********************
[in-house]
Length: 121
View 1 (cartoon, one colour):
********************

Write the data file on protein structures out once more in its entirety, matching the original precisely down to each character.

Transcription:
[in-house]
Length: 121
View 1 (cartoon, one colour):